As the bilge radius increased, there was a noticeable smoothing out of the wave profile. That is, the waves no longer appeared sharply defined but looked as if they had been made in a liquid with the viscosity of heavy oil. A sharp wave profile is formed by the sudden release of the water as it passes from under the chine. The sudden removal of the restraining surface, above each portion of the water, results in an immediate acceleration of the particles in an upward direction, giving rise only to the pure up and down vibration that is seen as the well-defined wave profile of a sharp-chined boat. With a round chine, on the contrary, while the acceleration at corresponding depths is the same, the direction of the acceleration is constantly changing as the water rises to the surface. And there is a tendency for this rotating direction of acceleration to create horizontal vortices whose axes of rotation are parallel to the chine. The effect of this rotating mass of water is to demand more energy from the hull. The direct result, of course, is an increase in resistance. So, while there is an apparent decrease in the waves formed by the hull, the unnoticed whorling is actually increasing the wave making resistance of the boat. ROUND chines add another complication to getting speed from a hull. This bad feature is an extension of the range in which burble will appear. In the wake of any transom-sterned boat, a severe agitation of the water may be noticed, an indication that a breakdown is occurring in the flow of water under the boat. When water is released from the transom properly, the burble that means an increase in resistance is not present. However, it is possible to run without burble only above and below definite speeds, the range depending on the lines of the boat. But, also, the shape of the chine has some effect. With a square-chined Star, it is safe to say that the burble will appear at about 5 knots and run clear aft at about 6 1/2 knots (when the boat is upright and on the designed trim). Increasing the bilge radius to 3 inches, on a Star, increases the burble range by dropping the lower limit to 4 1/2 knots and by raising the upper limit to 7 1/2 knots. Also, a model with round chines, when running heeled, begins to climb out of the water forward as the speed increases, the round chine acting as a flat surface on which the model tries to plane. To complete the analysis, it is necessary to go back to sharp-chined heeled models, in which the burble range is from 4 1/2 to 6 1/2 knots.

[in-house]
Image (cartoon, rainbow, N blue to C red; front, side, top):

With the sharp-chined models, there was no indication that the bow tried to rise, a further proof that the sharp entrance angles are imperative. The easiest way to decrease the burble range is to trim the boat by the head and, conversely, the handicap of a trim by the stern is that it will cause the water to break away from the transom at speeds lower than normal. Under all conditions except that of a rounded chine, the burble range increases by dropping the lower limit; the upper limit is quite constant, being 6 1/2 knots. Interestingly, that is approximately the speed at which some styles of Star hulls show the first signs of planing.
In summary, it can be said that many Star boat owners might have had a faster boat than the standard Star because:
1. The fore and aft contour of the boat had been flattened and a large decrease in resistance accrued.
2. The boat was sailed down by the head, at least while running, which would give a 12 per cent decrease in the power required to drive her.
3. Square chines might have been used, which mean a decrease in resistance.
Although this work was done directly on Stars, the information is also applicable to other types of square-chined boats. But it must always be remembered that, even though a skipper have all the information in the world and his boat has an enviable heritage from designer and builder, the combination must sail hard to be a winner.